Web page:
Monday, January 28, 2013

Southern Crosses of Honor.

Some time back, over a decade ago, I set out to photograph gravestones of members of the 37th North Carolina Troops. My goal was to include as many of them as possible in the book that I was writing on that regiment. When it came time to turn in that project , I did not have room for any of the pictures. With maps and pre-war, war-time, and post-war photographs of the men who served, I did not have the space for an additional 200+ (maybe 300+) photographs of graves.

But, I have continued to photograph tombstones. I even teach a class in gravestone iconography. And with the advent of digital photography, I continue to photograph many stones.

I pulled out four the other day (three of these were shot with film), to talk about the Southern Cross on the tombstones.

Many of you will be familiar with the Southern Cross of Honor. The Confederate government wanted to award a medal to Southern soldiers who had distinguished themselves on the field of battle. Of course, with the shortage of resources during the war, the medal was never actually produced. Instead, the names of men, voted upon by their comrades in arms, were published in local newspapers. According to a bit I found on the web, the idea of presenting a Southern Cross to former Confederate soldiers arose again in 1898. The United Daughters of the Confederacy came up with the idea of awarding  medals to the soldiers.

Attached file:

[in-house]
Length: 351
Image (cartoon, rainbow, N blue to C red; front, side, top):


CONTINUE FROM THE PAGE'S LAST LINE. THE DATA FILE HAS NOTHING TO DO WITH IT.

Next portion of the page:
Judging from the examples provided below, the ideas went further than just medals to hang from one's coat. Of course, we all know that Southern Crosses decorate many a Confederate grave. But some soldiers (or their loved ones) went a step further, and had them carved on their tombstones. And as you can see by these four examples, there is no uniformity to the carvings. I actually have a fifth Tar heel example, but I did not come up with this idea until I had put that photo back in storage. It is a simple cross between the birth and death dates.

The four men whose tombstones are pictured below are:

Jacob B. Graham, buried at Grace Chapel UMC, Caldwell County;

Harvey A. Davis, buried at the Old Lutheran Cemetery, Watauga County;

Robert C. Bell, buried at the Chestnut Hill Cemetery, Rowan County;

T. J. Wise, buried at the Pisgah UMC, Avery County.

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